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PARK CITY ’08 | Don’t Overlook the World: 10+ International Films to Watch at Sundance ’08

PARK CITY '08 | Don't Overlook the World: 10+ International Films to Watch at Sundance '08

Next week, the global film industry will turn to Park City, Utah for the Sundance Film Festival. But does Sundance, in turn, look back at the rest of the globe? The answer, of course, is sort of. While press, paparazzi and moviegoers will be tracking the every movement of this year’s American celebs (Josh Hartnett, Charlize Theron and Jack Black, just to name a few), Sundance has increasingly tried to boost its international competition sections, with more prizes and more prestige value for the festival’s global entrants.

While there are very few international breakouts at Sundance, they do exist. Previously, Werner Herzog‘s “Grizzly Man,” critics’ favorites “Live-in Maid,” “I For India,” “13 Tzameti,” docs “In the Shadow of the Moon” and “Manufactured Landscapes,” and of course, John Carney‘s $9.5 million Fox Searchlight sleeper success “Once” have all recently played in the world cinema sections. (Sundances long ago played host to major UK successes such as “Shine” and “Saving Grace.”) So what global discovery will pop this year?

Of the 32 international documentary and dramatic features, here are 10 (plus a couple more) world films and trends that may pull viewers — deservedly — away from this year’s over-hyped Amer-indies.

While cinema from the Middle East has rarely made inroads into the U.S. marketplace, a record seven films from the area will screen at Sundance this year. Programmers say the healthy Middle East contingent wasn’t intentional. “We never go out looking for films from a particular region, but every year an interesting regional out-cropping seems to emerge,” says programmer Caroline Libresco. “It seems to have something to do with a ‘story-telling urgency.'”

Whether turmoil in the region has inspired filmmakers (the program’s most prescient selection may be “Dinner with the President,” which examines life in contemporary Pakistan) or western producers’ interest and investment in the region (the Sundance Institute has a 4-year-old screenwriting lab in Jordan), proof may be in this year’s Sundance selections.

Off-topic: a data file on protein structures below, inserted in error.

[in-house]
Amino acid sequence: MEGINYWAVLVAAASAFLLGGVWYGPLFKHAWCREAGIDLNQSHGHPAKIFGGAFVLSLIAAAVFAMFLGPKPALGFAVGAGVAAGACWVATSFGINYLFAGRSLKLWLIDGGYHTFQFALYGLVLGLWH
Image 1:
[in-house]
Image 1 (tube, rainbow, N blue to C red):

If advanced blog-of-mouth is to be believed, AFI grad Amin Matalqa‘s “Captain Abu Raed” is one of the more attractive prospects. A Dubai International Film Festival premiere, the rare Jordanian movie chronicles an aging airport janitor who is mistaken for a pilot by a group of children and tells them fantastical stories of his adventures. One online fan of the film wrote, “I would say this movie is a bit like ‘Monsieur Ibrahim’ – only more engrossing. It’s an urban romance both humorous and melancholic, and a great antidote to pretentious art-films and sickly-sweet family dramas.” Sounds like just what most U.S. distributors are looking for nowadays.

Also from the region, Erez Tadmor and Guy Nattiv‘s “Strangers” has been called the most hotly anticipated Israeli film of the year. Developed out of their award-winning short film of the same name, “Strangers” follows a love story between an Israeli man (Amos Gitai regular Liron Levo) and a Palestinian woman (“Paradise Now’s” Lubna Azabal, who won an award for Most Promising Actress at the Jerusalem Film Festival). The two meet and fall in love during the World Cup finals in Germany in 2006, but their affair is soon complicated by the outbreak of war between Israel and Lebanon.

German original Veit Helmer (whose exquisitely photographed break-out feature “Tuvalu” won several international awards, including a best cinematography prize at Slamdance 2000) returns to Park City with the world premiere of his latest, “Absurdistan,” an “inventive and allegorical comedy” about two childhood sweethearts in Azerbaijan who must contend with a village-wide strike of “Lysistrata”-like proportions. Picked up by major German sales company Beta Cinema, “Absurdistan” may be too weird to crossover, but it’s likely to be on critic’s watchlists.